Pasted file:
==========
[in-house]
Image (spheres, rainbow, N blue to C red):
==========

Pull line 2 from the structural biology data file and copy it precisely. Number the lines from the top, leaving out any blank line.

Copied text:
Image (spheres, rainbow, N blue to C red):